Following the inspections of six major banks this week, South Korean regulators have uncovered some inadequate internal controls for handling cryptocurrency exchanges. Given the government’s strict rules, some banks have decided to stop providing services to cryptocurrency exchanges instead of overhauling their systems further to comply with the regulations.
Banks’ Inadequate Internal Controls
The South Korean Financial Intelligence Unit (FIU) and the Financial Supervisory Service (FSS) jointly conducted on-site inspections of the country’s six major banks on Monday, as news.Bitcoin.com previously reported.
Woori Bank, KB Kookmin Bank, Shinhan Bank, Nonghyup Bank, Korea Development Bank (KDB), and Industrial Bank of Korea (IBK) are being inspected. The aim of the audits is to ascertain whether these banks have fulfilled their anti-money laundering obligations, as mandated by the government’s cryptocurrency regulations.
The inspection period was originally from January 8 to 11 but the agencies extended it on Thursday to January 16, Money Today reported. An FSS officer was quoted saying:
We have extended the period since we need to identify and respond to more precise conditions through inspections of inadequate internal controls found during the on-site inspection process.
Banks Dropping Out
On Friday, local publications reported that some banks have withdrawn from implementing the government mandated, real-name verification system. The regulators are working on creating this system to end the practice of anonymous trading which is currently possible through the use of virtual accounts. These accounts are issued by banks for crypto exchanges; each consists of a large number of sub-accounts. Crypto exchanges assign them to their customers in order to deposit money for trading.
“As the government increased pressure on the virtual currency market, commercial banks are withdrawing the introduction of real name transaction confirmation service,” Etoday reported.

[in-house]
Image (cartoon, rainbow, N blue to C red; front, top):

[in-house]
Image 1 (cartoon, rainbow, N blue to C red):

Shinhan Bank announced on Friday that it will not introduce this system but instead will stop providing virtual account services to crypto exchanges instead. An official at the bank was quoted by Hongyung saying:
We decided that it would be better not to introduce a system that enables virtual currency transactions.
Other banks are contemplating whether to follow suit. An official from IBK bank said, “We also decided to shut down our existing [virtual] accounts.” An official at KEB Hana Bank commented, “I do not think it is permissible to provide a virtual currency trading account.” Both KEB Hana Bank and KB Kookmin Bank “will not go into virtual account services until the authorities’ policy is decided,” Kookje reported. Meanwhile, Nonghyup Bank is performing an internal review in order to make a decision, according to Yonhap.
Considering the regulators’ strict policy, it will be difficult for banks to create a system that fully complies with their requirements, Hankyung noted, adding that “This means the de facto abolishment of virtual accounts, which inevitably shrinks [the number of] virtual currency transactions.”
What do you think of banks choosing to stop servicing crypto exchanges rather than implementing the government’s system? Let us know in the comments section below.
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